People often ask me, why did you want you to move to Paris?
It’s a long answer.
Part of it is from being born to an English-speaking family living in Québec. We spoke English at home, but French was everywhere. At age 4 the idea of actually learning the language completely intimidated me, but in grades 4 and 5 I was in French immersion, and I loved it.
Like virtually all English-speaking families living in la belle province, the Québec separatist movement drove us to Ontario by the time I was in grade 6, but I continued with French right through university.
In 1988 I went to Paris & London on a high school art trip. It was there that I met my first boyfriend and encountered my first true love, Paris. The boyfriend didn’t last, but it was the city I mourned over…the slate roofs! The metro! The cute little restaurants! I even missed the incessant March drizzle. I listened to a lot of Morrissey that year.
In 1992 I was stuck in a dormitory (in)famous for being designed by the architect of the Don Jail. I was lonely. At the same time, my school was looking for more students to enroll in the winter Paris semester – so I did.
Starting January 1993 I got to live at Paris’ Cité Université campus for 3 months. It was everything you hope a semester abroad will be: new friends and foods and clothes. New intoxicating substances. Being able to walk or take the metro everywhere. Skiing in Switzerland for reading week. And the occasional course. Afterwards I did the Eurail backpack thing, confirming I loved travel as much as I dreamed I would.
The next year when back in Canada I saw Vancouver for the first time, and was smitten much as I had been by Paris (This is still Canada?!). I moved there permanently in 1996 and for the next 9 years focused on becoming a west coaster.
In 2003 I met my husband to be, HerrKaa, a German from Hamburg who in ’95 had fallen as hard for Vancouver as I had.
In 2005, thanks to a series of fortuitous events, I was sent to work at my company’s head office in Paris for 3 months….accompanied by my cat and by HerrKaa (as I said, fortuitous) . It was the first time we had lived together. Despite that–or because of it–it was everything you hope that a 3-month trip with paid accommodation and a per diem will be: when not working, we walked, biked, and ate our way through the city’s arrondissements.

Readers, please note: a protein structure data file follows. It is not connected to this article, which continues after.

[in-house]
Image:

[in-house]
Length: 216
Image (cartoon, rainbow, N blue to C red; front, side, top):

Near the end of the second month, things seemingly got even better: we got the go-ahead to stay a full year! EUPHORIA! Then on month 3 + 1 day, I got a call from French HR: you must leave. NOW.
In the excitement of negotiating the extension, no one remembered that I was there on just a 90-day tourist visa. We were crushed. We felt like just when we’d started to get the hang of things in France only for it to be rudely pulled away!
We spent the next three years figuring out how to get back. During this time, we debated simply staying put: Vancouver was hardly a gulag. We had a nice life: good jobs, great friends, an affordable apartment walking distance from work, beach and Stanley Park, that allowed pets and was overseen by who is seriously the world’s best landlord.
But that was the thing: it was too comfortable, and I wasn’t ready to settle into the comfort groove for the rest of my life. For us, the best way was to move to France where I spoke the language and where HerrKaa (and eventually I) could work. So we persevered.
In November 2008, 20 years after my first love-struck visit, we returned. My now-husband HerrKaa had gotten a new job, one based in Paris. It was a permanent contract with no fixed end date: if we wanted outtahere, it was up to us.
I quit my job, and HerrKaa, myself, and our intrepid tuxedo cat Mats officially became expats in the city of lights.